In the wind-swept prairie called Tornado Alley, the scene is eerily familiar: Homes smashed to splinters. Trees and telephone poles snapped like twigs. Piles of bricks, overturned cars and dazed survivors sifting through rubble in search of a precious photo or heirloom. A town in ruins.
On Monday, it was Moore, Okla. Two years ago, it was Joplin, Mo. There’s a pattern to the aftermath of these deadly disasters: Clean up. A steely determination. Vows to rebuild. And urgent questions about what can be done to shield tornado-prone communities from the worst ravages of monster storms.
The ferocious tornado in Moore that killed 24 people and carved a nearly 17-mile path of destruction is bound to revive talk of beefed-up building codes, spur new construction of shelters and send architects and engineers back to the drawing board for ways to make Tornado Alley safer. Some experts are urging more of the tools used to protect hurricane zones; others say there are limits, financial and practical, to what a community can do to protect itself from the horrific super-twisters that leveled Moore and Joplin.
“You can design for 250 mph winds but you can’t design for it economically,” says Steve Cope, Joplin’s building and neighborhood improvement supervisor. “It’s got to be something that can withstand the impact of a car going 250 miles an hour into a wall and roof because that’s what happened here. ... To build a truly tornado-proof home, people wouldn’t be able to afford to live in it.”
After 161 people died in Joplin in an EF-5 tornado in May 2011, the city strengthened its building codes. It now requires, for example, more mechanical fasteners at the roof and foundation to better keep intact the house’s shell, Cope says. “We did what we felt was economical and easily achievable and we know would make an impact,” he adds.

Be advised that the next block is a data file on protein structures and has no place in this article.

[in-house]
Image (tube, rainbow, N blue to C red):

But Joplin stopped short of mandating safe rooms, for financial reasons. “We’re talking about an additional $3,000 to $4,000,” Cope says. “Many people thought that additional cost should be up to them to decide. We have folks who don’t want government to tell them they had to do it.”
Residents of Tornado Alley have proven time and again their resilience when their communities are flattened and all seems lost. When twister season arrives in Oklahoma, there’s a sense that “this is the time of year when things happen, but it’s not a cowering attitude, it’s not, ‘I’m so afraid,’” says Caleb Lack, an assistant psychology professor at the University of Central Oklahoma who has studied PTSD in tornado survivors. One conclusion of his research: PTSD is more likely to occur among those who’ve experienced man-made disasters, such as a bombing or a school shooting, than natural disasters.
Folks in Oklahoma understand no place is safe, he says. “You adopt an attitude that matches the environment,” Lack explains. “Here we have massive storms but the positive vastly outweighs the negative. People say, ‘I could live in places where there are no tornadoes’ but then there are hurricanes, there are earthquakes and there are blizzards. You have to choose your poison.”
Joplin hasn’t seen any great exodus since its disaster. There also haven’t been dramatic differences in construction and the same kinds of houses are being built with relatively minor modifications, such as extra concrete in the foundations and roof fasteners, says Crystal Harrington, head of the Home Builders Association of Southwest Missouri.
“That will make a difference for a normal disaster,” she says. “Ours was an extraordinary disaster.”
Harrington says there might have beeen more calls for different construction methods if the twister had been less severe and some particular kinds of building remained standing. But “when you saw all this destruction, all anybody could think was nobody could survive this. A concrete house would, but people don’t want that.”